Apathy in Germany Record Low Voter Turnout Expected in National Election
The 2009 national election campaign in Germany was one of the dullest in living memory. Now the electorate seems to have responded in kind: Observers are predicting a record low voter turnout in Sunday's election.
Voter turnout at Germany's national election Sunday seems to be heading for a record low. According to Germany's Federal Returning Officer, only 36.1 percent of eligible voters -- not including those who had opted for postal votes -- had cast their ballots by 2 p.m., compared to the 41.9 percent who had cast their vote by the same time at the last election in 2005. Turnout by 2 p.m. was particularly low compared to 2005 in the states of Hesse, Mecklenburg-Western Pomerania and Saxony.
At the 2005 election, which brought current Chancellor Angela Merkel to power, voter turnout was 77.7 percent. Observers are predicting that the turnout this time will be even lower, given the small percentage of voters who had gone to polling stations by 2 p.m.
Candidates Cast their Votes
Turnout was predictably good among Germany's leading politicians, however. The top candidates of Germany's main political parties had all cast their votes by early afternoon. Angela Merkel, the leader of the center-right Christian Democratic Union, went to a polling station in Berlin's Mitte district around noon with her husband, Joachim Sauer. The chancellor was in good spirits and joked with the assembled photographers. Horst Seehofer, the leader of the CDU's Bavarian sister party, the Christian Social Union, voted by absentee ballot.
The center-left Social Democratic Party's chancellor candidate Frank-Walter Steinmeier voted on Sunday morning in Berlin's Zehlendorf district. He commented on the "wonderful voting weather" and said he hoped for a high turnout and a strengthening of democracy. Despite the most recent poll showing the SPD lagging eight points points behind the conservatives, Steinmeier expressed confidence about the outcome of the election, saying he was "quite sure" that "a strong SPD" would be leading the government -- this time as senior coalition partner. The SPD has been the junior partner in a "grand coalition" government with the CDU/CSU over the last four years.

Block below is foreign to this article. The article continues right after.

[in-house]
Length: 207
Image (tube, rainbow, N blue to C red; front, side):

Close Outcome Expected
The polls have been open since 8 clock on Sunday morning and will close at 6 p.m. Germany has around 62 million voters out of a population of over 82 million, including 3.5 million young people voting for the first time, who are casting their votes in 299 electoral districts. A total of 27 political parties and 3,556 candidates are competing for at least 598 seats in the lower house of the German parliament, the Bundestag.
Germans cast two votes in national elections. The "first" vote is for a particular candidate, while the "second" vote is for a political party. Only parties that achieve more than 5 percent of the national vote, or win at least three direct mandates under the "first" vote, are represented in the Bundestag.
Although Angela Merkel seems certain to win a second term as chancellor, it is unclear who the CDU/CSU's coalition partner will be. Support for a "black-yellow" coalition -- the name is inspired by the parties' official colors -- of the Christian Democrats and their preferred coalition partner, the business-friendly Free Democratic Party, has dropped recently, according to opinion polls. If the CDU/CSU-FDP coalition does not have a majority of seats, then the only realistic alternative is a continuation of the current grand coalition with the SPD.
An obscure quirk of the German electoral system known as "overhang seats," whereby parties who do particularly well in the "first" vote for direct candidates can end up having more seats than they would have based strictly on their share of the "second" vote, could end up deciding the result. The CDU in particular is expected to benefit from overhang seats.
dgs -- with wire reports
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